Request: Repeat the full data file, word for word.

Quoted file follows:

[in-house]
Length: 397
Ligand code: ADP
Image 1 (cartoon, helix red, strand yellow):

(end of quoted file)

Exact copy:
[in-house]
Length: 397
Ligand code: ADP
Image 1 (cartoon, helix red, strand yellow):